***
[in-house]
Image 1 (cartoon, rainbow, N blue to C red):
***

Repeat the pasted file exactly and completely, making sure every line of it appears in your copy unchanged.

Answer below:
[in-house]
Image 1 (cartoon, rainbow, N blue to C red):